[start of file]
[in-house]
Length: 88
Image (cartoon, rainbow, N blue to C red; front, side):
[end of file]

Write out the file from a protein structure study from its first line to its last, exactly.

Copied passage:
[in-house]
Length: 88
Image (cartoon, rainbow, N blue to C red; front, side):